• Coalition of offshore oil and gas workers, climate groups and trade unions back a new plan that would deliver a just transition away from fossil fuels to protect jobs, communities and climate.  In the face of political refusal to plan a transition, workers are ready to lead.
  • Over 1000 surveyed oil and gas workers support transformative demands to remove immediate barriers to transitioning into renewables; to ensure safety, job security and fair pay across the energy industry; and a longer-term vision for sharing the benefits of our energy system fairly
  • Costed demands include a permanent Energy Excess Profits tax, a sovereign wealth fund, public ownership, rig decommissioning costs to be paid for by polluting companies, and a minimum wage for migrant workers. 

‘Our Power: offshore workers’ demands for a just energy transition’ is an industry first, putting workers front and centre in a plan for decarbonisation and public ownership, campaigners say. The plan comes amidst a winter of unprecedented strikes and struggles for fair conditions at work, affordable energy and stronger public services.  

‘Our Power’ gathers together demands, costed proposals and case studies that show how offshore oil and gas workers can lead a just energy transition, and why they must. The demands follow two years of workshops and research with people who work in the offshore oil and gas industry, coordinated by Friends of the Earth Scotland and Platform.The demands created by workers are published as the Scottish Government is consulting on their first Just Transition Plan for the energy sector. Campaigners are urging Scottish Ministers to ‘pick up these demands and run with them’ to help protect workers and communities currently dependent on the  oil and gas industry. 

Need to improve conditions, pay and training

Surveyed workers demand fair pay and protections across the sector, arguing that we cannot model offshore wind in the broken image of the oil industry. This research shows: 

  • Salary thresholds set by UK Government immigration rules have been waived for the offshore wind sector for the past 5 years. On SSE’s Beatrice wind farm off the Scottish coast, for example, crew were paid less than £5 per hour while working 12 hour days, 7 days a week.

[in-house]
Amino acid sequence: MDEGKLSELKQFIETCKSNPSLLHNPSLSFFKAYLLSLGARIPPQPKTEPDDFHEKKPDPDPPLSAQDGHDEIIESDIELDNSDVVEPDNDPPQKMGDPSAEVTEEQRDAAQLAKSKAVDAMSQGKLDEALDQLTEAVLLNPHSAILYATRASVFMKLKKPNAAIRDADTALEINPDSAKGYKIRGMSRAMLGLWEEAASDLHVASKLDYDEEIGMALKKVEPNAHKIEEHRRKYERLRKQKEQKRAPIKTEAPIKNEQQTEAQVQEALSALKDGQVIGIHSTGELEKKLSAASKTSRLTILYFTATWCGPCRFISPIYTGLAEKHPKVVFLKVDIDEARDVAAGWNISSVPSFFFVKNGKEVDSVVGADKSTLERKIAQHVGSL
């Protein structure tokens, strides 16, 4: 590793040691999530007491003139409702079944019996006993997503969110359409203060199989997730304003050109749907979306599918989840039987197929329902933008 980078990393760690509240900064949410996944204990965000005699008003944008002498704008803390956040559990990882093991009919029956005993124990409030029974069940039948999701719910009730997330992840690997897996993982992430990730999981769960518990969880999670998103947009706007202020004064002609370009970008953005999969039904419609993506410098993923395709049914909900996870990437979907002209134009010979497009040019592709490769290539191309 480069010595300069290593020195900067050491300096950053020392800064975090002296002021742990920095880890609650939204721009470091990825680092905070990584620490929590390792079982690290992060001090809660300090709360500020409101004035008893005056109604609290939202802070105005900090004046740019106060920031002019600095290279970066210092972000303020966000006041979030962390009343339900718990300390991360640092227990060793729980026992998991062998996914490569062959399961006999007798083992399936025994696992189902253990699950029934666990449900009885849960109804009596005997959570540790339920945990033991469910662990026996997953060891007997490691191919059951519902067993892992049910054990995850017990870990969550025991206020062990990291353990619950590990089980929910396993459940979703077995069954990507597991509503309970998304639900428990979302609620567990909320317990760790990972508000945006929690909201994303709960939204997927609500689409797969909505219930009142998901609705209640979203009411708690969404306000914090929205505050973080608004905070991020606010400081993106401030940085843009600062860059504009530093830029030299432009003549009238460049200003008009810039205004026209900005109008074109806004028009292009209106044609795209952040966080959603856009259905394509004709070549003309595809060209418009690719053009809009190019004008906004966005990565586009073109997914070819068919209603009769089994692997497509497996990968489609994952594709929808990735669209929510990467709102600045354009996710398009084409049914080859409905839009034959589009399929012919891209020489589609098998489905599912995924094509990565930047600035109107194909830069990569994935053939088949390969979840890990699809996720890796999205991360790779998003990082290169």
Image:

• Whistleblowing protections do not apply to self-employed workers, which make up a substantial proportion of an increasingly casualised workforce, leaving many workers vulnerable to blacklisting and victimisation for speaking out. 
  • Training standards body GWO (wind) has so far failed to come to an agreement with OPITO (oil & gas) and other bodies on standardising training across the offshore sector, meaning duplication and extra costs to workers.

Mark*, a rigging supervisor who has worked offshore for twenty years, described declining pay and the need for a government-backed jobs guarantee: 

“When I was working on the River Tyne, I spoke to a guy who had worked in the oil and gas industry for 40 years. He asked me where I got my survival suit, because he wanted one for the winter. Not to go out anywhere or for work, but to sit inside at home. He couldn’t afford his gas and electric over the winter. To have someone who has worked their whole lives in the industry asking me a question like that, I felt like crying.”

Oliver, 42, Mud Engineer offshore for 12 years talked about the impact of the industry on Aberdeen:

“The whole city is dependent on oil because there’s so many people attached to the industry. It’s noticeable in Aberdeen when there’s an oil price crash, everything’s a lot quieter, everyone is worried about their jobs, there’s not as much money about. I don’t think anyone really likes it, a lot of people who work in industry have been fed up with it for years.”

Demands for fairer energy system that benefits public good

A worker-led just transition would reinvest money in communities through a sovereign wealth fund and share the benefits of our energy system fairly. The UK is losing out on revenue that could support households and public services, while private, polluting companies profit. The current energy system results in: 

  • Globally, just five oil and gas firms made almost $200billion profit in 2022.
  • Low taxation means companies in the UK take home the highest proportion of revenue of any country, –  the UK Government took less than a tenth of what the Norwegian Government took in taxes per barrel of oil in 2019. 
  • Despite huge profits, 73% of oil and gas companies invest nothing in renewable energy production in the UK. 

Julie*, who works as a Heli Admin in Aberdeen, described why she supports public ownership of energy: 

“Public ownership would mean decent contracts, permanent work and that workers would be treated with respect. It’s less of a danger to our working environment than having someone who is cowed, stressed or worried about their livelihoods. If you look at places like Norway, the attitude of the Norwegians is so different to the attitude in Britain. They own stakes, own rigs themselves. It gives them a greater responsibility. It would be ours, we’d be part of the big machine, we own it, we run it and it’s for us.”